Freiheit – Freedom

Woodgrove German teacher, Effie Hall (center), with students “protesting” the Berlin Wall

Woodgrove German teacher, Effie Hall (center), with students “protesting” the Berlin Wall

Twenty Five years ago, on November 9, 1989, the 12-foot high Berlin Wall, with its mounted razor wire, manned guard towers, and the adjoining forbidding “strip of death,” all of a sudden, was no longer the brutal towering barrier that prevented East Germans from escaping West to freedom; the wall was coming down.

Woodgrove High School students from Lovettsville, an historic German settlement, and students from Western Loudoun County, commemorated the 25th anniversary of the fall of the wall by “protesting” what the German Chancellor, Willy Brandt, once described as the “wall of shame.”

Students spoke of the offending wall in German and said: “Nie wieder” – Never again!; they said, “Genug!”- Enough!, just as you’d push back against a bully; and they said, as if they were standing before the original wall themselves, “Wir sind frei” – We are free. Continue reading

No-Brainer

Loudoun High School Football Practice

Loudoun High School Football Practice

Loudoun County won’t allow our kids to measure the impact of crashing into each other on the football field – even if that information might guard against brain injuries.

Our County school system should have its collective head examined.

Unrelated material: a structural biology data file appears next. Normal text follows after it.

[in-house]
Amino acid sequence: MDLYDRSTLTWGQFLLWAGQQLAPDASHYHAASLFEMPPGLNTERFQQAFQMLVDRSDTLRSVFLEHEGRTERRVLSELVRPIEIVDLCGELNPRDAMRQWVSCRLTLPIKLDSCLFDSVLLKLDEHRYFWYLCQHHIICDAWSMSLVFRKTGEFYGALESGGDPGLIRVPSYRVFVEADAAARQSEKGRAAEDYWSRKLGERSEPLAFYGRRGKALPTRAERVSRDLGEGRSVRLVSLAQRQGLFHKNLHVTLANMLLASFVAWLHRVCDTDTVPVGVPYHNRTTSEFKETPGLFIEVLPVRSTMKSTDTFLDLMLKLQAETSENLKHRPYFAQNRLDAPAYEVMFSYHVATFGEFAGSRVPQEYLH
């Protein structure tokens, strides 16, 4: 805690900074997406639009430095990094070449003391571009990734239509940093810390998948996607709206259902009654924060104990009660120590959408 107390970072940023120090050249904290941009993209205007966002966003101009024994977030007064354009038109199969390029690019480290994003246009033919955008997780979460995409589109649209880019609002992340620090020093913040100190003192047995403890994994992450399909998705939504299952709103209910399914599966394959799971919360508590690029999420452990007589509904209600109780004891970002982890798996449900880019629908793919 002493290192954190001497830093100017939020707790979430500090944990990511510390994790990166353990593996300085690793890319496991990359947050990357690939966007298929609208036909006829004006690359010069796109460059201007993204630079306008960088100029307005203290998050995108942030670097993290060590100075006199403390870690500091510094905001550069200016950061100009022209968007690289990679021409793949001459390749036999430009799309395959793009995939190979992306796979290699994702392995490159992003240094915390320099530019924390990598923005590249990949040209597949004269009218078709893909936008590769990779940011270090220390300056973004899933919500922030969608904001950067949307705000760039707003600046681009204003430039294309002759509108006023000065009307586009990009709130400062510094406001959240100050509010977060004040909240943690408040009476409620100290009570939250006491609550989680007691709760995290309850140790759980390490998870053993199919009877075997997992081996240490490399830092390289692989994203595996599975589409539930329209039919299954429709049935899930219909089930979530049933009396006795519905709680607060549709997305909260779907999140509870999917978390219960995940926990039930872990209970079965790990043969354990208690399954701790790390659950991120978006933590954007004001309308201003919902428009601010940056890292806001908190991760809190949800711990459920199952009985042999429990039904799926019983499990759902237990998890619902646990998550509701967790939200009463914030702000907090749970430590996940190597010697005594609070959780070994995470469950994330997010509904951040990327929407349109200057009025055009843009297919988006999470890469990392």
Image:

The NFL earlier this year said that nearly three in ten retired players will develop debilitating brain conditions like Alzheimer’s disease or dementia.

The NFL has reportedly put the same sensors in its players’ helmets as the military is using to evaluate those jarring head movements that could lead to traumatic brain injury (“TBI”).

The American Football League announced earlier this year that they were requiring helmet mounted sensors made by Brain Sentry out of Maryland.

The sensor gives an alert when a player suffers an unusually rapid acceleration of the head, making that player a candidate for a concussion or for successive concussions that must be accurately and timely evaluated to assure the player’s safety.  The sensor also counts the number of hits to a player’s head.

AFL Commissioner, Jerry B. Kurz, said, “[U]ntil we saw the Brain Sentry impact counter and tested it, we did not feel there was a solution that was practical and deployable for the AFL.”

The sensor is a light weight micro-electromechanical, tri-axial acceleromoter capable of measuring acceleration from any direction, attached to the helmet, and it interferes not at all in the field of play.

We are almost at the end of an era of “dumb helmets” – because we need more real-time objective information to guard against players of any age suffering a possible brain injury.

One report claims that the concussion rate for High School athletes in the United States has doubled since 2005, meaning either the injuries have increased or reporting has improved dramatically.

Loudoun parents went out and bought these Brain Sentry sensors – the same ones the AFL is using – to put on their sons’ helmets to assure some greater measure of safety when playing for Loudoun Valley.  The coaches had the players remove the helmets.  The players could have non-contact drills without the helmets.  But they could not have any contact drills with the sensors on the helmets.  Troubling “logic!” Continue reading